One of the potential mechanisms by which vitamin D exerts beneficial effects in cancer is by its anti-inflammatory properties. Therefore, we investigated the association between vitamin D concentrations and concentrations of inflammatory markers over time in chapter 5. Higher serum 25(OH)D3 levels at diagnosis, six months and two year after diagnosis as well as over time were associated with lower interleukin 6 (IL6) levels and a combined inflammatory z-score. Serum 25(OH)D3 levels were not associated with C-reactive protein, IL8, IL10 and Tumour Necrosis Factor α (TNFα) levels in plasma. These results indicate that vitamin D could potentially lower inflammation marker levels, however, further intervention studies, investigating the effect of increasing vitamin D levels on inflammatory mediators in CRC patients are needed.

The association between pre-operative and post-operative concentrations of inflammation markers and CRC outcomes, while taking into account lifestyle factors, was investigated in chapter 6. Higher pre-operative as well as post-operative CRP levels were associated with a higher risk of recurrence. Higher pre-operative as well as post-operative IL8 and a combined  inflammatory z-score  were associated with a higher risk of all-cause mortality.

Diet has an effect on inflammation and subsequent health status. We investigated the association between the inflammatory potential of the diet and CRC outcomes in chapter 7. The inflammatory potential of the diet was assessed using the Adapted Dietary Inflammatory Index (ADII). Higher ADII scores were associated with higher levels of TNFα, CRP and the inflammatory z-score at diagnosis and six months after diagnosis, but not with recurrence and all-cause mortality.

An important question to answer is whether vitamin D is causally related to CRC outcomes. Higher 25(OH)D3 concentrations were moderately strong and consistently associated with a lower risk of mortality in CRC patients in epidemiological studies. In addition, a dose-response relationship was observed and a plausible biological pathway was described. Although the afore mentioned evidence provides a good indication for a causal relationship between vitamin D and all-cause mortality, before conclusions can be drawn about causality 1) underlying mechanisms should be further clarified and 2) intervention studies investigating the effect of increasing 25(OH)D3 concentrations in relation to CRC outcomes should be conducted. In addition, while inflammatory cytokines are the most reliable markers of inflammation  and serum 25(OH)D3 concentrations the most reliable marker of vitamin D status in the setting of a large prospective cohort study, circulating concentrations of vitamin D and inflammation may not exclusively reflect processes within the tumour and the tumour microenvironment. Measuring vitamin D status and inflammation in the tumour itself may provide a better understanding of the interaction between vitamin D and inflammation in CRC prognosis.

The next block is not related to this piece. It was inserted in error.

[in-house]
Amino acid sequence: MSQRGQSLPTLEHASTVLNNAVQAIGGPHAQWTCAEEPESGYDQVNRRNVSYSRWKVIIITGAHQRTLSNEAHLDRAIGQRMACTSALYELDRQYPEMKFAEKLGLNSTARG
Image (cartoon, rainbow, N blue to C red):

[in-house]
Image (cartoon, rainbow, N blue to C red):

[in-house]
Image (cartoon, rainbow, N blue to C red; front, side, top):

To conclude, results of this thesis provide a foundation for a causal relationship between higher 25(OH)D3 concentrations and all-cause mortality in CRC patients. However, the role of vitamin D in cancer recurrence is still unclear. The anti-inflammatory effects of vitamin D as one of the potential underlying mechanisms for its association with CRC outcomes should be further explored using a molecular pathological epidemiological research approach.

Original languageEnglish
QualificationDoctor of Philosophy
Awarding Institution
  • Wageningen University
  • Kampman, Ellen, Promotor
  • van Duijnhoven, Fränzel, Co-promotor
  • Bours, M.J.L., Co-promotor, External person
Award date12 Oct 2021
Place of PublicationWageningen
Print ISBNs9789463958615
Publication statusPublished - 12 Oct 2021